Saturday 23 September 2017

Xbox One vs Xbox 360: Then and Now

The dust has settled on the Xbox One launch. Now a week on, how do the games compare with those of the Xbox 360?

Forza Motorsport 5 is one of the key launch titles for Xbox One
Forza Motorsport 5 is one of the key launch titles for Xbox One
The Xbox One console
An XBox 360 console and Kinect peripheral. Photo: Getty Images
Xbox fans play the latest games during the Xbox One fan celebration and launch party in Los Angeles on Thursday
Frank Whelan

Frank Whelan

The Xbox One was released exactly eight years after the Xbox 360. With the longest ever gap between console generations, we compare the two launch line-ups.

The Xbox 360 had eighteen games on launch:

  • Amped 3 - The third installment of the popular serious snowboarding sim on the Xbox.
  • Fifa 06 - Another solid FIFA game with few complaints at the time.
  • Gun - Slightly above average wild west shooter.
  • Call of Duty 2 - Yes, Call of Duty is an old franchise, and here it's still about WWII
  • Condemned: Criminal Origins - Fantastic, creepy first-person action game, unfortunately too short.
  • Kameo: Elements of Power - 3rd person 3D adventure from the legendary RARE studio. OK title, now probably forgotten.
  • NBA Live 06 - EA's basketball simulator update. Felt weak and rushed. Probably the worst launch game in the list
  • NBA 2k6 - Better looking but not much of an update other than that. Solid basketball.
  • Madden NFL 06 - Pretty but simplified addition to the American Football series.
  • Need for Speed: Most Wanted - Really fun street racing game, complete with mods and set piece races.
  • Peter Jackson's King Kong - Movie tie-in, nice stylistic ideas, but short and slightly missed the great mark.
  • NHL 2k6 - Fantastic ice hockey game, with nice new mechanics updates. A winner at the time.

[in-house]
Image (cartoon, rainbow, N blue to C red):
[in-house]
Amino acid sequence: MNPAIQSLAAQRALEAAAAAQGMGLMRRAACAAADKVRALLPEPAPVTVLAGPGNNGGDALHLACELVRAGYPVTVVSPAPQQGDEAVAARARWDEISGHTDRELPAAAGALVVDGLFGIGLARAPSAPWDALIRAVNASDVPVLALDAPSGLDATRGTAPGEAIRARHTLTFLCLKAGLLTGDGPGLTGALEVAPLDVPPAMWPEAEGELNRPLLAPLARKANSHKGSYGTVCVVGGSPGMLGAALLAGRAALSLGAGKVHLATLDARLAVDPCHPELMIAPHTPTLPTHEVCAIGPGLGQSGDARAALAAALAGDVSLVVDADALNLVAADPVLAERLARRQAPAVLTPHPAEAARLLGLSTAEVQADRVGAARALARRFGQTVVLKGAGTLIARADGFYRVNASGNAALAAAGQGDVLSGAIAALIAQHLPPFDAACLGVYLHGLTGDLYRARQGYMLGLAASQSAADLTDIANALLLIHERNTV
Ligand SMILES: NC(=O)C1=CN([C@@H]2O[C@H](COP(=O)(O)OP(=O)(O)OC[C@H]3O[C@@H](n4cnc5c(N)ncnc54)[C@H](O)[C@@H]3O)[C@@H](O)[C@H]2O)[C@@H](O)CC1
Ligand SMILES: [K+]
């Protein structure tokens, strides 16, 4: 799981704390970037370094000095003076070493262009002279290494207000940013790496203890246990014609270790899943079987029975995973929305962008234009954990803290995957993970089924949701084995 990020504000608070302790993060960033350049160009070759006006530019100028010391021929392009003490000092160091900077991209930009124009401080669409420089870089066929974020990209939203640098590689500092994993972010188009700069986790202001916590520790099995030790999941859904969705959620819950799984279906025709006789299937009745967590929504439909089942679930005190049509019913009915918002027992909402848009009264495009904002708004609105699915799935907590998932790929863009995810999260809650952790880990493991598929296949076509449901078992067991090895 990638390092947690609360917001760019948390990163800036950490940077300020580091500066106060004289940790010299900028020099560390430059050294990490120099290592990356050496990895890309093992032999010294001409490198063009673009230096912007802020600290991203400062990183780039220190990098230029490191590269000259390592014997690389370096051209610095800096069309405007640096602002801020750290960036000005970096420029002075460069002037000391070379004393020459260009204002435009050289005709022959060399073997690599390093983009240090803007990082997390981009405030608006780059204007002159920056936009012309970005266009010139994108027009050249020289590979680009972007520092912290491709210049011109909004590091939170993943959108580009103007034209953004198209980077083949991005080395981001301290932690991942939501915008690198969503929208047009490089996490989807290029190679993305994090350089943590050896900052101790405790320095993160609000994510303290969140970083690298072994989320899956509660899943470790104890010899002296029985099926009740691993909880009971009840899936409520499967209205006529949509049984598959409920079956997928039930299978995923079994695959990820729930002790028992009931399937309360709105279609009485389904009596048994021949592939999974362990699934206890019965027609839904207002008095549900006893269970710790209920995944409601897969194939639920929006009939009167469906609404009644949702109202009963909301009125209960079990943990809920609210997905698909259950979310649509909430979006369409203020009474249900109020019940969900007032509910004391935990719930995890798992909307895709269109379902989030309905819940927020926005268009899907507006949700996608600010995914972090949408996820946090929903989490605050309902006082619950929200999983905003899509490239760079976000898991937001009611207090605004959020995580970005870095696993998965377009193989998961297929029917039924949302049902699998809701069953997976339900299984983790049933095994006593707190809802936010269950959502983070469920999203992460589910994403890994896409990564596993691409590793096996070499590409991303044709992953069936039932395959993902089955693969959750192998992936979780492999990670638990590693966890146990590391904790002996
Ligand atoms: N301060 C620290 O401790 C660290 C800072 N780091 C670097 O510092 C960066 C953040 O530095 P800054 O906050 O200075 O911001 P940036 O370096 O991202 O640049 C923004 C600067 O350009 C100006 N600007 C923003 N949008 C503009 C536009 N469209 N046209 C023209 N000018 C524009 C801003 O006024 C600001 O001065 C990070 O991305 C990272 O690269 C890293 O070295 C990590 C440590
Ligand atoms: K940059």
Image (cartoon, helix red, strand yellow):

• Project Gotham Racing 3 - Acceptable racer, but lacked the features of other games out at the time.
  • Perfect Dark Zero - Prequel to a much loved game, there was much hype, but ended up as just an above average shooter.
  • Quake 4 - Decent first-person-shooter for the tricky happy out there.
  • Ridge Racer 6 - Arcade racer all about drifting, somewhat stalled in its evolution but still decent.
  • Tiger Woods PGA Tour 06 - Better mechanics and controls gave fans a new golfing addiction.
  • Tony Hawk's American Wasteland - Fun urban skateboarding, a return to form for a long running series.

That list is made up of 11 sports sequels. Only 4 of the games on launch day were original and not a sequel. While the big studio series are the safest bet for sales, there's a definite lack of a "must own" Xbox 360 exclusive. Plenty of sports, racing and guns, but little else.

Now, eight years on, we have twenty two launch titles.

FIFA is there, as is a Call of Duty. The latest Madden is present as are the updates of both basketball franchises from eight years ago. 14 titles are sequels, leaving a healthier 8 original games in the launch roster. Unfortunately for "core gamers," these original titles are aim at the more casual end of the market. Of the three original titles that may appeal to "serious" gamers, two (Crimson Dragon and LocoCycle) aren't worth the money. Ryse: Son of Rome is an Xbox One exclusive and the big epic game used to display the power of the console. Unfortunately Ryse is all flash and little substance and falls out of favour once given a decent play. 

The Xbox One launch had far more variety in games than the Xbox 360, but there are questions about quality. While it's healthy to see more diverse styles of games on the launch day, certain products like Zoo Tycoon are just poor games, but sure to sell well with younger gamers.

The amount of games aimed at non-traditional gamers (Zumba) shows not only Microsoft's shift of focus from eight years ago, but also the whole industry's broader scope. Ever since the Wii started capturing brand-new market share with its accessible motion based games, games companies have been sure to tick the necessary boxes to keep these audiences ticking over.

Xbox One sees Microsoft going even further down the media centre route (they were slated for their launch announcement featuring more TV aspects than games,) which isn't a bad thing if it cuts down boxes in front of TVs. But, if you forced me to play through every single one of the Xbox One's launch titles and all of the Xbox 360's, I would definitely go with the older consoles offerings. Yes, many of the Xbox One games are incredible, but then others are just plain bad.

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